The fact that Musco was a recognized name helped, says Dev. The American company had installed lighting at venues such as the Arthur Ashe Stadium, New York City, that hosts the US Open tennis tournament, the Emirates Stadium that’s home to the Arsenal football club in England, and the Yas Marina Circuit in Abu Dhabi that hosts Formula One racing. And, of course, it installed the lighting that illuminates the Statue of Liberty.
“Being famous or well-known helps you get better opportunities much quicker than ordinary people. There have been instances where I have invested money in the businesses of other people who are doing well. But Dev Musco was my first big venture and my first big investment. I own 100% in the firm. I saw a good opportunity in the business and projects,” says Dev.
He incorporated software firm Tap Fox Dot Com Pvt. Ltd in November 2015, along with partners Sunil Kumar Gupta and Nivedan Sahani, and gaming company Pandemonium 360 Games Pvt. Ltd in July 2016.
According to a Hindu Business Line report in January 2005, Dev had picked up a 5% stake in Zicom Electronic Security Systems Ltd.
Business aside, he was always intrigued by the stock market. In 2015, he bought a minority stake in discount brokerage firm Samco Ventures Pvt. Ltd. Samco was incorporated in March 2015 to organize a competitive league—the Indian Traders League (ITL)—for traders who invest on bourses. Dev teamed up with Siddharth Mehta, the founder of London-based investment management firm Bay Capital Partners, and others to invest $3 million (about Rs20 crore) in Series-A funding.
“It started when I became the brand ambassador of ITL a couple of years ago. When I heard details about the project, I really liked it and rather than being just a brand ambassador, I preferred to invest in the company and hold some equity,” says Dev.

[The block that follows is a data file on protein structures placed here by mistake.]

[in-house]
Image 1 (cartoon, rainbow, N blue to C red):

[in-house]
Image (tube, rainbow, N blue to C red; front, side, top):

He explains that he saw an opportunity in India’s under-penetrated stock market, in which, he says, just 2-3% of the population invests. Dev believes Indians should invest in companies to support good business ideas and talented entrepreneurs.
But he doesn’t like talking too much about his investments or those made by other celebrities.
“I like to keep the information relating to investments very low-profile. Also, I don’t like to be considered a celebrity. God has been kind and I represented my country but there are millions of people like me who work harder than me,” he says. “As far as my investments are concerned, I like to invest money (in avenues) that give good returns. Anything more than a 15-20% return is wonderful, especially in a scenario of volatility and rupee depreciation. Of course, one can be greedy and wish for 100% return but not every project or business can give you immediate returns,” says Dev.
He believes in a slow but steady approach. “If you ask me about the idea of being part of a particular company or running a business, then I would say I would like to see companies grow slowly. Too fast is not very good. You should have a plan for five, seven, 10, 15 years. Set timely objectives for its growth and valuations,” Dev says.
Jimeet Modi, chief executive officer of Samco Ventures, says Dev was a pioneer of sorts among Indian celebrities with his investment philosophy and business interests. “Unlike the past, I now see celebrities like to make money in addition to their respective professions. They are willing to invest in good projects and trustworthy people,” says Modi.
Name : Kapil Dev
Business interests: Media and communication, lighting infrastructure, discount brokerage
‘If you ask me about the idea of being part of a particular company or running a business, then I would say I would like to see companies grow slowly. Too fast is not very good.’
‘As far as my investments are concerned, I like to invest money (in avenues) that give good returns. Anything more than a 15-20% return is wonderful, especially in a scenario of volatility and rupee depreciation.’
‘You should have a plan for five, seven, 10, 15 years.’
Ankit Doshi used to work for Mint.